I would put up with the sleet to at least get SOMETHING

  7. I was in Chicago–Hyde Park–in the winters of the big snows (78 and 79). Two foot snowfalls, 30 mph winds, drifts three or four feet high, but I don’t remember a single Sunday when church was canceled.

  8. Threadjack alert: Kevin Barney, Bishop Wyatt said to say hello to you. He was in a branch in our stake today to participate in the blessing of a grand-daughter.

  9. Huh, I was thrilled when they cancelled last week. Okay, technically they started two hours late, but I was really hoping for a cancellation. Driving on roads covered in ice and snow in the early morning makes my stomach churn.

  10. As someone who grew up in Alaska, the time the branch in South Carolina canceled church because it *might* ice was blew my mind. (*Might* ice?!?) Until my roommate from S.C. revealed that she had never seen an ice scraper in her life. There was no way I wanted her driving on roads that might ice!

  11. Wow, another Sarah.

    As someone who grew up in California, I appreciate any and all “off” days on account of weather. Especially since after I left CA I was homeschooled, which meant we actually did more schoolwork on snowy days. And then I went to Ohio State, which is pretty much infamous for never canceling classes (I can think of one time in my undergraduate career… and they didn’t announce the cancellation until after my last class of the day started.) Also, the closest I’ve ever come to a winter car wreck was on the way to a church building (the snow pile stopped us inches away from the telephone pole.)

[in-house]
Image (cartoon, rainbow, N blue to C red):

So yay for cancellations. Though, umm, more yay for actually calling first. And what’s up with having to get up at 6am on your day of “rest”?

  12. I can’t remember the last time ward meetings were cancelled for weather anywhere I’ve lived (we met last year when the building furnace was out, and the front bench was piled with blankets for anybody to use if their coats weren’t enough), but I do remember when school was cancelled in Jackson Co., Missouri in the ’70s, when the temperature plus the humidity surpassed 150. Just about broke my heart, doncha know.

  13. When I was a kid, sacrament meeting was dismissed early because of an earthquake. While we were in South Carolina, church was canceled twice for hurricanes. They were small hurricanes, the type that had already unloaded on Florida and which the locals didn’t take too seriously, so there was no evacuation. Still, friends of ours made it halfway to church before they heard the announcement on the radio that the city’s emergency vehicles had been recalled, because driving conditions were too unsafe for fire trucks and ambulances.

  14. Our church service was cancelled last week, so on Monday I sent a fake email from the Bishop to about a dozen or so members that said:
    Dear Ward Members,

    Due to church being cancelled yesterday because of the weather, the Stake President has informed me that we need to make that day up prior to the next General Conference in April. Thus I have decided to hold an extra Sacrament meeting on Saturday March 1, 2008. Please make yourself available to attend at the normal time. If we do not achieve 80% attendance for this meeting it will not count as a make-up day. Fortunately, we are not required to have Sunday School or Priesthood/Relief Society that day.

    Thank You for your continued support,

    Many phone calls and fun followed